Comfort Food: Mac and Cheese
1.27.11 § 23 Comments
You know lately, I’ve been spending a lot of time being sad, which is to be expected, considering what’s been going on in my life. On top of that, the snow and slushy weather isn’t helping much. What was that you said about seasonal affective disorder?
Fortunately, I’ve figured out how to keep myself happy, at least part of the time: comfort food. For me, the idea of “comfort food” has lately come to mean so much more than food that warms you up and fortifies you to face this kind of cold. The more important meaning, at least for the moment, is the comfort I’ve found in the preparation.
I get lost so easily in the rhythms of the kitchen: washing fresh vegetables, dicing onions, grating big blocks of cheese into messy piles and then scooping up the stray strands, popping them into my mouth like I don’t want anyone to notice…even though I’m alone. Those rituals I have in the kitchen are quickly becoming sacred to me, a refuge from the storm, so to speak.
To add to that, I’ve also been giving into small indulgences lately: caramelizing onions in a scoop of newly purchased duck fat instead of butter, buying the slightly more expensive but definitely better tasting cheese, and then using just a bit more than the recipe calls for. Actually, if we’re being completely honest, I always add extra cheese.
And you know what? It’s making me feel better. So for now, I’m going to stick with it. I’m also starting to take hot yoga classes to balance out those “indulgences.” (I bought a 30-class card, which is basically the equivalent of forcing myself to do something active. As in, I can’t stand to waste the money, so I know I’ll go to class. Whatever works. Right?) Regardless, I’m working really hard to find some kind of balance, since the equilibrium of my universe has been a bit off lately.
But seriously, what’s better after a good workout than a huge bowl of macaroni and cheese? And if sometimes there is so much snow on the ground that you skip yoga, that’s okay too. Right? Just say yes.
Artisanal Macaroni and Cheese
adapted from SAVEUR
1 large yellow onion, diced
Kosher salt, to taste
12 oz. hollow pasta, such as penne
8 tbsp unsalted butter
3/4 cup panko
1 cup freshly grated parmesan (about 1 oz)
1/4 cup flour
3 1/2 cups milk (not skim)
1 1/2 cups grated Gruyere (about 4 oz)
1 1/2 cups grated Comté or Cantal (about 4 oz)
1 1/2 cups grated fontina (about 4 oz)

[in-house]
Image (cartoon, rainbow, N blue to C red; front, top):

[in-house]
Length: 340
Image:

Freshly ground black pepper, to taste
First, begin to caramelize the onions. (I diced the onions and started them before I even grated my cheese.) Melt your fat of choice (probably butter, although in this instance, I used 2 tbsp duck fat instead of butter, just because I could) in a medium skillet. Place the onion in the skillet and cover with a lid. Reduce heat to medium and cook for about 10 minutes to sweat the onions. Remove lid and continue to cook over medium-low heat, stirring occasionally, until caramelized and golden brown, 25 to 30 minutes.
Meanwhile, bring a pot of well-salted water to a boil and preheat your oven to 350 degrees. Cook your pasta until not quite al dente, about 7 minutes. Drain and set aside.
Melt 3 tbsp of butter in a saucepan over low heat. Add the panko and parmesan, stir to mix. Transfer to a small bowl and set aside.
Wipe out the saucepan and put it over medium heat. Melt the last 3 tbsp of butter and whisk in your flour until smooth. Now whisk in the milk, cooking and whisking often until the mixture coats the back of a spoon, about 10 minutes. Stir in all of the Gruyere, 1 cup of the Comté, and 1 cup of fontina. Whisk until cheese is melted and incorporated. Season to taste with salt and pepper. Remove the pan from heat and stir in your pasta. Pour the mixture into a 2 quart baking dish and top with the remaining Comté and fontina. Sprinkle the panko-parmesan mixture over the top.
Place the baking dish on an aluminum foil lined baking sheet and put in the oven. (Mine ran over, so I definitely recommend putting something under your baking dish.) Bake until golden brown and bubbly, 25 to 30 minutes. Let cool for 10 minutes before serving.